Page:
One of the disadvantages of the Grand Touch keyboard is that the action might have more resistance than some pianists prefer. The GH3X system has a lighter touch, which might be helpful to small hands or to a musician with arthritis or some other painful finger/hand condition. Personally, I prefer the heavier touch of the Grand Touch system, but I know many pianists who do not.
Both the Grand Touch and the GH3X systems feature an 88-key weighting system that increases key-by-key as you move down the piano toward the bass end. Both systems also incorporate escapement through the use of an additional sensor. Escapement allows a pianist to play repeated notes very rapidly without dropping a note.
Yamaha CLP 675 vs Kawai CA 78
The Kawai CA 78 is one of the Concert Artist line in the Kawai family of digital pianos. This particular model also resembles an acoustic spinet piano, as you can see from the photograph below.
This particular piano is displayed in the rosewood cabinetry, which is my favorite of the Kawai cabinet choices. I find the warm rosewood tones to be welcoming and quite pleasing to the eye.
Kawai devised its own Grand Feel II wooden key keyboard action that is similar to the Grand Touch action in the Yamaha instruments. The CA 78 incorporates the Grand Feel II wooden key action, which consists of longer keys made entirely from wood.
As with the Yamaha pianos, the fulcrum for the keys has been moved slightly toward the front of the piano. This position change for the fulcrum, as well as the weightier wooden keys, allows the Grand Feel II keyboards to feel more like the touch of an acoustic grand piano.
One of the features of the CA 78 is the integrated piano lesson materials from Alfred Publishing.
Alfred publishes my favorite teaching method books, and the CA 78 includes books from the Basic Piano series for children, the Premier Series, and the Adult series. Not only can you access the lesson materials, but you can also listen to the songs included in the lesson materials.
An advantage of having the lesson materials on the CA 78 is the ability to slow the tempo (speed) of the piece and play along. This allows the pianist to learn the piece at a slower pace until they can increase the tempo to the desired rate of speed.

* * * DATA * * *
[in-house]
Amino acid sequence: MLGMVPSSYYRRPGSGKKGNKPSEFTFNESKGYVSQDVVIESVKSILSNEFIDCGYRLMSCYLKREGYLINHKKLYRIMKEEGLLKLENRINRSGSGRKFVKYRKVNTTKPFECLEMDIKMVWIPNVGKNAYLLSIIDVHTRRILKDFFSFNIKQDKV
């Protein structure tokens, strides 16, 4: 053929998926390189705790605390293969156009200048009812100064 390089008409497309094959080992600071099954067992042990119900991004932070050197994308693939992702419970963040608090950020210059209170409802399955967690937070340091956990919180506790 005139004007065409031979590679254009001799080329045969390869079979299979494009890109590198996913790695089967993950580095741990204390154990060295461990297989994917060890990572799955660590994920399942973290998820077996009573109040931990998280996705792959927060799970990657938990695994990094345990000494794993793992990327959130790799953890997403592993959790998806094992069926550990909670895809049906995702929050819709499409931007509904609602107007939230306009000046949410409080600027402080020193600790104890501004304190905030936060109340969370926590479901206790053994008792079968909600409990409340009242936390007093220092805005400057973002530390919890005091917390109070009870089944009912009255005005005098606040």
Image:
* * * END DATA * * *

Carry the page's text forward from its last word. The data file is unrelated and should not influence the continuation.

Kawai also includes many other musical pieces and exercises for finger speed and agility. From composers like Chopin and Bach to the masters of technical exercises like Czerny and Burgmüller, the musician can choose from some of the finest music ever written.
When I played the Kawai CA 78 I was impressed by the sound of the instrument. In fact, I liked it better than the CA 98 sitting next to it! The Grand Feel II keyboard action felt close to the touch of an acoustic grand, but I like the Grand Touch of the Yamaha pianos a little more than the Grand Feel II. The CA 78 had an authentic piano sound, but I did not examine any of the 66 remaining voices.
Comparisons—Price, Features, etc.
I really like the Grand Touch of the Yamaha CLP 675 and 685. In my opinion, the closer you can come to the touch of a grand piano, the better. It allows the pianist to improve technique and agility as well as strengthening the fingers and hands. The Grand Feel II keyboard action of the Kawai CA 78 has similar advantages, although the feel isn’t quite as close to the touch of an acoustic grand piano as the Grand Touch feel of the Yamaha instruments.
The CLP 645 uses the GH3X, which feels too light to me compared to the Grand Touch. The CLP 645 is not very much less than the CLP 675, so I would spend the extra $600 or so for the more authentic keyboard touch.
There are a lot of other features to compare and contrast in this discussion about the CLP 675, 685, 645 and the Kawai CA 78. Rather than write a great deal more prose, let’s talk about prices and other features using this table:
The range of prices shown in the table above reflect the differences in prices between cabinet choices. Polished ebony is the most expensive cabinet choice in all of the pianos, including the Kawai. The rosewood cabinetry is the least expensive for all of the pianos above.
The CLP 675 lands between the least expensive and the most expensive pianos in this comparison. It features the Grand Touch keyboard, which is the best of the keyboard actions offered in the four pianos above in my opinion.
The CLP 675 is significantly less expensive than the CLP 685, as well. Although it doesn’t feature as many voice possibilities as the 685, for a beginning or intermediate student it seems to be the better choice. I recommend this piano for anyone with a beginning or intermediate student as it is a better value, yet still offers the most authentic touch on the market today.
This article was written by Digital Piano Review Guide contributor Anita Elliott.